Dear Annie: My daughter and daughter-in-law had a close relationship and worked together for a social networking business.
My daughter recently went through a marriage breakup, and my daughter-in-law has totally unloaded on her. She said my daughter has not been a good friend. She has brought up several issues of complaint, including some on which she is speaking for my son. My daughter-in-law has stopped their relationship. I feel that my daughter-in-law is being immature, spoiled and selfish. She has issues from her childhood. She was adopted and many years younger than her siblings. She recently found her birth parents and has established relationships with them and their families.
I don't think the relationship between my daughter and daughter-in-law will ever be as it was. But how can I help them both to get over these issues and somewhat mend their relationship?
I feel bad for my daughter. She needs her sister-in-law now more than ever. — Concerned Mother and Mother-in-Law
Dear Concerned: I'm not really sure that what your daughter needs now more than ever is her sister-in-law — the same person who completely unloaded on her just as her marriage was breaking up. As her mother, you should take the initiative and be there for your daughter as much as possible. Having a good relationship with your daughter is in your control, and she needs your support.
At the same time, calling your daughter-in-law "immature, spoiled and selfish" is not going to help the two of them mend their differences. If anything, it will only drive a deeper wedge.
No matter how old your daughter is, sometimes a girl just needs her mother.
Be supportive of your daughter, and don't be so judgmental about your daughter-in-law or her past, and if they are meant to be friends again, it will happen. If not, there is nothing you can do about it.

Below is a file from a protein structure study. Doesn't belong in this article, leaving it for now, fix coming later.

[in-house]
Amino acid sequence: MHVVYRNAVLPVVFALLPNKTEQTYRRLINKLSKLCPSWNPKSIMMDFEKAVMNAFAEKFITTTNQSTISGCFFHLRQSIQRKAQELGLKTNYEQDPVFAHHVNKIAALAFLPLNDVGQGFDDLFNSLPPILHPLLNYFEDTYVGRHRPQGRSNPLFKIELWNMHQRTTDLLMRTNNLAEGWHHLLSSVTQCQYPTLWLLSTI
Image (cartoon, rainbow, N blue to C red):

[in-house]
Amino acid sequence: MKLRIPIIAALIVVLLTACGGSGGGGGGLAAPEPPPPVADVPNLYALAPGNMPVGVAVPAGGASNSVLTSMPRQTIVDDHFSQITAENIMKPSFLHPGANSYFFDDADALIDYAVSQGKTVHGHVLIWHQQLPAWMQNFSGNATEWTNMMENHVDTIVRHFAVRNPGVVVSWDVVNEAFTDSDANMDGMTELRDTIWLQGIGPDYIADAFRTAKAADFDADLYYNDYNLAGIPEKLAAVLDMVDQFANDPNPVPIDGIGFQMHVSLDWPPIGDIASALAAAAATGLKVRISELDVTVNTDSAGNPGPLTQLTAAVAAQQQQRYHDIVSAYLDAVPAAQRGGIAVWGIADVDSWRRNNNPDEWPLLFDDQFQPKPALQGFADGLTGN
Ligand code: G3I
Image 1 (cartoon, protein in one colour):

Dear Annie: I would like to add another side to the story concerning the issue of flatulence. My beautiful mother-in-law was the recipient of a colostomy bag. She was gravely ill, and this saved her life. However, her world changed drastically. She was constantly aware of noises and odors surrounding her. She withdrew and settled into a depression from worrying about this. She found herself homebound until absolutely necessary to go for groceries or checkups.
She tried several different bags, and even though she found a good one, she never regained the confidence to leave home as she once did. If someone had ever mentioned anything about the odor, she would have been mortified. She was very aware of her diet, the time of day, etc., but sometimes awareness did not matter. Stuff happens.
I am just trying to show another side of the issue "Stuck in a Seat" ran into at the theater. There are odor drops one can use, but unfortunately for my mother-in-law, she still was self-conscious. The biggest issue is that one has no warning or control. Though I agree that it is a complicated issue if people are found in a situation such as this, they should just try to move. If that's not successful, they should ask for a refund. They shouldn't embarrass someone over something he or she cannot control. — Stuck With It
Dear Stuck With It: Thank you for sharing your story about your mother-in-law. You offer another side of the issue.
"Ask Me Anything: A Year of Advice From Dear Annie" is out now! Annie Lane's debut book — featuring favorite columns on love, friendship, family and etiquette — is available as a paperback and e-book. Visit http://www.creatorspublishing.com for more information. Send your questions for Annie Lane to [email protected]